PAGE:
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Critical illness products: A recipe for consumer confusion – Laker

by: Sally Laker, managing director of Mortgage Intelligence
  • 13/10/2016
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Critical illness products: A recipe for consumer confusion – Laker
When Marcus Barnard initially created critical illness insurance, launched in October 1983 as Dread Disease Insurance, I wonder if he could foresee the development and innovation this insurance product would see 33 years in the future.

When first introduced only four conditions were covered, heart attack, stroke, cancer and coronary artery surgery – these four had wide definitions of cover.

Since this introduction in South Africa, not only has the product been adopted by the insurance markets in a large number of countries, but the conditions covered has also increased.

With increased conditions, however, the definitions of cover has been made more specific. We now have partial payments for less serious conditions and value added products such as Global Treatment, alongside a range of support services for policyholders and their families. Products continue to be adapted in line with research and development in treatment and even cures, which means conditions that were life threatening or life limiting 30 years ago are no longer as severe. Concentration on health and lifestyle will ultimately change things again in the near future.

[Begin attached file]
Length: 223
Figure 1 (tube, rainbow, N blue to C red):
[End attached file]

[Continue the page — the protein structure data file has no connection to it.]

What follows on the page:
However, with such comprehensive policies available do they just cause confusion for consumers?

Looking through life providers’ 2015 claim statistics, cancer, heart attack and stroke still remain as the top three conditions claimed for.

The topic of simplified critical illness products have been discussed by industry experts for the past few years, and in August this year AIG Life was the first to launch a product to market. The concern has always been if a simplified product covered the most claimed for conditions, could the premium price be lower than on a traditional product?

AIG’s Key3 product provides critical illness or life and critical illness and will pay out if the policyholder is diagnosed with cancer or suffer a heart attack or stroke. Policyholders will continue to benefit from AIG’s value added services such as Best Doctors.

The introduction of simplified products should complement the comprehensive propositions already in the market. Every client will have different circumstances, needs, budgets etc and it’s important that advisers have access to a wide range of policies. However if simplified products open the opportunity of a protection discussion to a wider audience, and introduce more consumers to the importance and need of critical illness, this can only have a positive impact on the overall insurance market.

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